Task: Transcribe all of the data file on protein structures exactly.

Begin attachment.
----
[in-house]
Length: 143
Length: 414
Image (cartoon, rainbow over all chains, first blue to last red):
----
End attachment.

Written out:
[in-house]
Length: 143
Length: 414
Image (cartoon, rainbow over all chains, first blue to last red):